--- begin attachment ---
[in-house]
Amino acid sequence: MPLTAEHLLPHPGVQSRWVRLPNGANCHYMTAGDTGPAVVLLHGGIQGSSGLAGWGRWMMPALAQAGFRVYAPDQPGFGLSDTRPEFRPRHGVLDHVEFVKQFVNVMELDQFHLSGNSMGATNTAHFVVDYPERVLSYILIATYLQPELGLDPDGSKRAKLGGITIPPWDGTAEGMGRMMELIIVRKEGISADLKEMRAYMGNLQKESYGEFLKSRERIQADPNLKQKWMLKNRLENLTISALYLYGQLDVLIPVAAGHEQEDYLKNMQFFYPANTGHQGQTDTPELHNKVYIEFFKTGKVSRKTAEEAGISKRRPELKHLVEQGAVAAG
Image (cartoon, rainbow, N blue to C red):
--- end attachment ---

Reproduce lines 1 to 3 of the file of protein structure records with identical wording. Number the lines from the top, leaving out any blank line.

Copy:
[in-house]
Amino acid sequence: MPLTAEHLLPHPGVQSRWVRLPNGANCHYMTAGDTGPAVVLLHGGIQGSSGLAGWGRWMMPALAQAGFRVYAPDQPGFGLSDTRPEFRPRHGVLDHVEFVKQFVNVMELDQFHLSGNSMGATNTAHFVVDYPERVLSYILIATYLQPELGLDPDGSKRAKLGGITIPPWDGTAEGMGRMMELIIVRKEGISADLKEMRAYMGNLQKESYGEFLKSRERIQADPNLKQKWMLKNRLENLTISALYLYGQLDVLIPVAAGHEQEDYLKNMQFFYPANTGHQGQTDTPELHNKVYIEFFKTGKVSRKTAEEAGISKRRPELKHLVEQGAVAAG
Image (cartoon, rainbow, N blue to C red):